My sad reality is that outside of the Chicago Non-Sport show 5 or 6 years ago I cannot remember the last time I was at a convention where there were significant number of non-sport cards. At many of the local comic shows in the Chicago area there used to be 4-6 dealers with a significant selection of non-sport cards. Probably about 10 years ago the number of dealers started significantly dropping to the point where 5 years ago (the last year I was going to shows in the Chicago area) you'd be lucky if 1 or 2 non-sport dealers would attend the biggest shows, and there would barely be any entertainment cards at smaller shows at all.

The shows I have been attending for the last few years have a smattering of entertainment cards, but nothing even close to anything consistent -- I can't go to a show looking for literally anything specific.

It is an unfortunate reality right now, but for me I don't think there are consistent enough in person sales across a large enough geographic area to really be relevant to most people.
 
Posts: 4942 | Location: Parts Unknown. | Registered: January 25, 2001Reply With QuoteReport This Post
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That is sad news. We all know that there are fewer collectors. It seems with every other issue of The Wrapper I read that another one of us has passed on - someone who grew up collecting cards and remember when packs were 10 cents or less. In my area (SF Bay Area) 20 years ago, there used to be several dealers selling cards at local collectibles shows, but by 10 years ago, there were maybe just two with a good selection. At the last show I attended, there was just one card dealer with a small table and he had only cards older than the 80's. It's hard to hear that even in one of the hubs of the collecting world, the Chicago area, there is a noticeable drop-off in dealers setting up at shows. That says that those that were going weren't making enough money to justify the show fee and the weekend devoted to being there.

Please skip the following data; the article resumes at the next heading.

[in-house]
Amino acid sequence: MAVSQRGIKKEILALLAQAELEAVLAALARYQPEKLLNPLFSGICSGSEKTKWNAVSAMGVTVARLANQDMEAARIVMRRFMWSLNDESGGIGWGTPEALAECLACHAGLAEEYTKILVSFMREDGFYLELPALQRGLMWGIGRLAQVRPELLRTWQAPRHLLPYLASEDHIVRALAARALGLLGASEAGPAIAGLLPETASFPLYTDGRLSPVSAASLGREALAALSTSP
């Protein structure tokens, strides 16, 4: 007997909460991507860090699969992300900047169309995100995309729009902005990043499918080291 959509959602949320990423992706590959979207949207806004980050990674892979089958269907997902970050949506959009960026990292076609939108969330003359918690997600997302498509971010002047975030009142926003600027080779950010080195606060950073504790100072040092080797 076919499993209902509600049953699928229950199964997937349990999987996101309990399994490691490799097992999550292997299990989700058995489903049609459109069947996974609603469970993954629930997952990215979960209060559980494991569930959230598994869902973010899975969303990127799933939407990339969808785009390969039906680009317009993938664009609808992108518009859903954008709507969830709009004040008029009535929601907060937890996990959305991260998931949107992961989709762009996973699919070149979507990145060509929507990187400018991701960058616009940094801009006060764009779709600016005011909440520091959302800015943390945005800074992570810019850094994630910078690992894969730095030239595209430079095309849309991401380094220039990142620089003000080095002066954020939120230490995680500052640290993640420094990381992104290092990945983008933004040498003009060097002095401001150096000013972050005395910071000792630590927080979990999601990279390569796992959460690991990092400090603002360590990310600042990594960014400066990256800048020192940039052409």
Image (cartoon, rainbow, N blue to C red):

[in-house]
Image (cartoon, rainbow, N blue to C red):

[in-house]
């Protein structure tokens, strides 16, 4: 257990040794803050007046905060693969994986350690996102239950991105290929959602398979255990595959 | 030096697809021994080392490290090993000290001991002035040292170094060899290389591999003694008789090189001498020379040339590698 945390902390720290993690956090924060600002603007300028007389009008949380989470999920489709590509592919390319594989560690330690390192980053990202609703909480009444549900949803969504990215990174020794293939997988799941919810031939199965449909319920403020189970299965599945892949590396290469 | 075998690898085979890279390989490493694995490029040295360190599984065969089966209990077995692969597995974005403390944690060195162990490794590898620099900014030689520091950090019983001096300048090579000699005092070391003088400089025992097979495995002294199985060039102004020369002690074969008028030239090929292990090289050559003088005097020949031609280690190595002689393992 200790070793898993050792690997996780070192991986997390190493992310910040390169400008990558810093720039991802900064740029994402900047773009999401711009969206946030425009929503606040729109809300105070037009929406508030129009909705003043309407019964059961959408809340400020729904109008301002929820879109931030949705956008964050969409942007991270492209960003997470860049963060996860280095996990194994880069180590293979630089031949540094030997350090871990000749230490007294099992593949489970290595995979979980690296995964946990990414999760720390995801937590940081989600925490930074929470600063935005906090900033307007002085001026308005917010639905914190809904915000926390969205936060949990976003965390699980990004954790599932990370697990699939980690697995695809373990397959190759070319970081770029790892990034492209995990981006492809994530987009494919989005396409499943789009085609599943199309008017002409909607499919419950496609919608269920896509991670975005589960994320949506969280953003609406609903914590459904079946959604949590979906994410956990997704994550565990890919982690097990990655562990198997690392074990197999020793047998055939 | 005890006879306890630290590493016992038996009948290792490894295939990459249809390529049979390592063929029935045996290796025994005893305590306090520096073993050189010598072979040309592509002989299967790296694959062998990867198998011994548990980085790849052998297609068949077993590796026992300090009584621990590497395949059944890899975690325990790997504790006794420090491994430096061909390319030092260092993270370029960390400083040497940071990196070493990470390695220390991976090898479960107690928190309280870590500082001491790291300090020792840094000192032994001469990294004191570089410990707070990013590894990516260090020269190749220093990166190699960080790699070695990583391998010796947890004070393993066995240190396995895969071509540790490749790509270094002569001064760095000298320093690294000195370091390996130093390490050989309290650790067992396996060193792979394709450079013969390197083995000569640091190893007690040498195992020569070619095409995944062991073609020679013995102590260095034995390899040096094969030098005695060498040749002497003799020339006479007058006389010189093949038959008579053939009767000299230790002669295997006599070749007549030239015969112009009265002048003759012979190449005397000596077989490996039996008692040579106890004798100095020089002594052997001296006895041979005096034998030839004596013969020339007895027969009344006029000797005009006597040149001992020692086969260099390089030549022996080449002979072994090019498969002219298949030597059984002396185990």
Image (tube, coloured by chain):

However, those dealers are probably still buying cases for their regular customers who want someone to build sets for them with whatever chase they want. Their input would be valuable. They might even sell for less than what cards are going for on Ebay and get that all-important quick sale because they don't have to pay any fees and the collector probably drops by his place to pick up cards so there's no shipping hassle (no extra trip to the post office, no extra supplies to buy). I used to visit a local dealer once every week or every two weeks before he moved out-of-state. I bought singles, boxes, and the latest NSU from him.

One thing to consider is that there have been collectors buying not just a few boxes or a case but a few cases. They took out the middleman which was one of those show dealers in every area. An old friend would say that's the market becoming more efficient. It sounds like some of those collectors have cut back but only because the boxes have fewer cards and even a whole case might not have one of those hot hits to justify the purchase. Those cards became the multi-case incentives.



quote:
Originally posted by webjon:
quote:
Originally posted by Heroes For Hire:
quote:
Originally posted by webjon:
I don't think show sales are valid for a price guide because most of the country doesn't have entertainment card shows. Most comic/sports card shows feature few, if any entertainment card dealers and across all shows how many dealers are going to have a specific card -- i.e. a Watson autograph for sale?


Those handful of non-sport card dealers and buyers at sport card/comic shows shouldn’t have their input considered because the venue is too small? If the dealer and/or buyer is a reliable source then I think the sale price should probably be at least considered.